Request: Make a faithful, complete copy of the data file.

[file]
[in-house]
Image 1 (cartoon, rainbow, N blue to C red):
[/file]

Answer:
[in-house]
Image 1 (cartoon, rainbow, N blue to C red):